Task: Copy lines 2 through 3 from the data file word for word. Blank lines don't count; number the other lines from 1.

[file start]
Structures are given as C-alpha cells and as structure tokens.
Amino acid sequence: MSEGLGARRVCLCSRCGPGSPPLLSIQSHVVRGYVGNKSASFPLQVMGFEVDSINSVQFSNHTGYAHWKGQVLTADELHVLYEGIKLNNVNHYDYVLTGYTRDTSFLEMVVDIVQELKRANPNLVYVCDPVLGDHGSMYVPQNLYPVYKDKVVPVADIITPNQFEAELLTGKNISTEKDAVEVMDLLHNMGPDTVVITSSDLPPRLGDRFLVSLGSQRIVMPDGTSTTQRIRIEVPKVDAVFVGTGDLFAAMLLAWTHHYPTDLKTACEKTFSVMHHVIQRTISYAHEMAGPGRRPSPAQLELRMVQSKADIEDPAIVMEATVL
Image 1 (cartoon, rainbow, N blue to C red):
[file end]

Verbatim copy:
Amino acid sequence: MSEGLGARRVCLCSRCGPGSPPLLSIQSHVVRGYVGNKSASFPLQVMGFEVDSINSVQFSNHTGYAHWKGQVLTADELHVLYEGIKLNNVNHYDYVLTGYTRDTSFLEMVVDIVQELKRANPNLVYVCDPVLGDHGSMYVPQNLYPVYKDKVVPVADIITPNQFEAELLTGKNISTEKDAVEVMDLLHNMGPDTVVITSSDLPPRLGDRFLVSLGSQRIVMPDGTSTTQRIRIEVPKVDAVFVGTGDLFAAMLLAWTHHYPTDLKTACEKTFSVMHHVIQRTISYAHEMAGPGRRPSPAQLELRMVQSKADIEDPAIVMEATVL
Image 1 (cartoon, rainbow, N blue to C red):